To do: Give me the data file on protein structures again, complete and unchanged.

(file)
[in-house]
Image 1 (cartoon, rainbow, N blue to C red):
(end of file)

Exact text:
[in-house]
Image 1 (cartoon, rainbow, N blue to C red):